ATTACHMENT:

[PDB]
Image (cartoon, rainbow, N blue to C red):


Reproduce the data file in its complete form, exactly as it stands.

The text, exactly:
[PDB]
Image (cartoon, rainbow, N blue to C red):